By Luke Ellington
(Source: Blogger (MB Line). Image by Unknown, 1909)
Timeline of Palisades
|Douglas County established
|Waterville voted county seat
|Palisades post office established with John P. Hunt as postmaster
|Townsite of Palisades platted; Great Northern Railway builds its Mansfield spur line through the coulee
|Depression causes decline of prosperity for Palisades
|First Palisades store burns down
|Gutschows close Palisades country store
|Mansfield spur line abandoned, trains stop running through town
Founding Family Names
Many families and individuals took part in the formation of Douglas County settlements in the late 1800s. Some names appear in many historical accounts and biographical sketches, while others have been lost to time. These are some of the names which have survived in books about Palisades:
Allmendinger, Christianson, Drebis, Goldy, Gutschow, Hunt, Owens, Smith, Wells, and Virtue.
A Look Back
Once called “Beulah Land,” the small farming community of Palisades was renamed nearly one hundred years ago for the steep colorful cliffs that form the walls of the Moses Coulee. How the deep coulee was carved out and palisades exposed was a matter of dispute in the geologic community until the 1940s, when the truth about the gargantuan Lake Missoula was discovered. It is now agreed upon that glacial flooding from Lake Missoula, between 10 and 15 thousand years ago, carved out the Moses Coulee and transformed the land on its way toward the Pacific Ocean. The flood water that broke free from immense glacial dams in Idaho and Montana is said to have traveled at a rate of flow 60 times greater than that of the Amazon River. Layers of volcanic basalt were stripped away to expose the giant cliff walls. The effect this force of nature had upon the face of central and eastern Washington is no less impressive today.
(Source: Panoramio. Image by Chris Metz, 2010;
Attribution No Derivative Works license, no changes)
Though it is rarely discussed, the community of Palisades began four miles northeast from its current location. The first Palisades post office was even established in this section of the coulee known as “Upper Ranch,” where there was a small store. The first three families to homestead in this area of the coulee were the Christianson, Owens, and Smith families.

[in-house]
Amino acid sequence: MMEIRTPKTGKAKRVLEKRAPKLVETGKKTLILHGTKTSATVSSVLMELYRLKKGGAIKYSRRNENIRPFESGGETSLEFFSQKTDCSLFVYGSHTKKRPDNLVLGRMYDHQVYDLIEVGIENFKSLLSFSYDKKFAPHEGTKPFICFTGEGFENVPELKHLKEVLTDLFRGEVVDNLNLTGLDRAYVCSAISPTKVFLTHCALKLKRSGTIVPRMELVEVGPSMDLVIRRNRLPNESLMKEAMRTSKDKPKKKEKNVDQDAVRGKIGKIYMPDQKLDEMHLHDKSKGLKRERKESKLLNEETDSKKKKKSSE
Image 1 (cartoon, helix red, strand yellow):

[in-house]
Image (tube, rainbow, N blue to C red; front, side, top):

On February 15, 1909, the Spokesman Review published an ad for Palisades that read: “Palisades is the name of a new post office established in Moses Coulee, M. W. Russell, post-master, 16 miles up the coulee from Columbia, on a new branch of the Great Northern being built into the Waterville country. The Moses Lake Land Co. has platted a townsite where the new post office has been established. The grading on the new road is nearly complete, and is expected to be finished by April 1, and the entire line by May 1. The Moses Coulee has become a large orchard. Big companies have set out large tracts of fruit trees. The Beulah Land Co. will have 500 acres in fruit this spring.”
(Source: Blogger (MB Line). Image by Unknown)
Though most of the article was correct, “M. W. Russell” was never the postmaster of Palisades or any other post office. Established September 10, 1908, the Palisade post office’s first postmaster was John P. Hunt. Around this time, several communities were established along Moses Coulee. Travelers entering the coulee from the Columbia River could pass through Vulcan, Behula (originally Dutcher and later Columbia River), Appledale, Palisades, Moses Coulee, and McCue (Hopewell) before climbing the grade onto the Waterville Plateau.
Origin of the Name
The name “Palisades” was issued by George A. Virtue in 1906 in reference to the steep basaltic rocks characterizing the Moses Coulee.
(Source: Panoramio. Image by Nemlander, 2009;